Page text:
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herald

used in a sentence
2 meanings
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1  —as in:
heralds the coming of...
Definition a sign that something will happen — especially something important and good

or:

announce or welcome — especially with enthusiasm
  • Her appointment would herald a new emphasis on the environment.
herald = be a sign of
Other Uses (with this meaning)
  • The personal computer heralded a new age.
  • heralded = signaled (was a sign that something would soon happen)
  • The goldfinch heralds spring when it begins to show a little yellow.
  • heralds = signals (that something will soon happen)
  • There are few who cannot recall that day and remember the one little incident which heralded the dawn of a new life.
    Sir Arthur Conan Doyle  --  A Study In Scarlet
  • School- days were ended, and the mystic function known to the initiated as "graduation" was about to be celebrated; it was even now heralded by the sun dawning in the eastern sky.
    Kate Douglas Wiggin  --  Rebecca Of Sunnybrook Farm
  • Those mountains heralded the approach of my desideratum.
    Jon Krakauer  --  Into the Wild
  • heralded = announced
  • At least he should come unheralded by us.
    J.R.R. Tolkien  --  The Return of the King
  • unheralded = unannounced
    (editor's note:  The prefix "un-" in unheralded means not and reverses the meaning of heralded. This is the same pattern you see in words like unhappy, unknown, and unlucky.)
  • The sound, not unlike the rat-a-tat-tat of parade drums, heralded Hickock's arrival.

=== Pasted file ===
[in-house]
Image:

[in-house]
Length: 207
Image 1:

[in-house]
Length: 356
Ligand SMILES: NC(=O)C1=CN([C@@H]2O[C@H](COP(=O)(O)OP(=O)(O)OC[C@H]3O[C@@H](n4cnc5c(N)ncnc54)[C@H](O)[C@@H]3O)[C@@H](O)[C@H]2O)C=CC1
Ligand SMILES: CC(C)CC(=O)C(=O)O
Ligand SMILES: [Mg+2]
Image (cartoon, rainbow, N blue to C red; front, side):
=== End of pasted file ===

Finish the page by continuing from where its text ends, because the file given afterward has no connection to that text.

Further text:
Truman Capote  --  In Cold Blood
  • Had the appearance of the pigeon heralded the changes that took hold of their lives?
    Nicholas Sparks  --  The Choice
  • I walked unshadowed; I came unheralded.
    Virginia Woolf  --  The Waves
(editor's note:  The prefix "un-" in unheralded means not and reverses the meaning of heralded. This is the same pattern you see in words like unhappy, unknown, and unlucky.)

Dictionary / pronunciation — Google®Dictionary list — Onelook.com®
2  —as in:
announced by herald & trumpet
Definition a person who announces important news — especially a king's representative
  • The king's herald announced it this morning.
herald = official who announces important news
Other Uses (with this meaning)
  • The herald loudly proclaimed, "The King is dead. Long live the King."
  • herald = official who announces important news
  • Then one advanced singly, and apparently more in the character of a herald than of an assailant.
    James Fenimore Cooper  --  The Prairie
  • And of this gospel I was appointed a herald and an apostle and a teacher.
    2 Timothy 1:11 (NIV)
  • He was stiff as a herald, blunt to the point of rudeness.
    Madeline Miller  --  Circe
  • herald = a person whose job is to announce important news
  • It was the lark, the herald of the morn,
    William Shakespeare  --  Romeo and Juliet
  • herald = announcer
  • 'herald, read the accusation!' said the King.
    Lewis Carroll  --  Alice's Adventures in Wonderland
  • herald = announcer of important information
  • "Hark! the Herald Angels Sing" came next, and led into the nativity scene.
    Ernest J. Gaines  --  A Lesson Before Dying
  • herald = announcing important news
  • Then Aragorn set trumpeters at each of the four roads that ran into the ring of trees, and they blew a great fanfare, and the heralds cried aloud...
    J.R.R. Tolkien  --  The Return of the King
  • heralds = people who announce important news — especially a king's representatives
  • your fame needs no heralds milord
    Robert A. Heinlein  --  Glory Road
heralds = a person who announces important news

Dictionary / pronunciation — Google®Dictionary list — Onelook.com®Wikipedia Article
Less commonly:
More rarely, herald can also refer to an official whose specialty is heraldry (the study of coats of arms — symbols once used to signify the right to bear arms).

Historically a herald was a person who made announcements at jousting matches, or (much more rarely) any prestigious assistant in a dignified setting such as a courthouse or royal palace.
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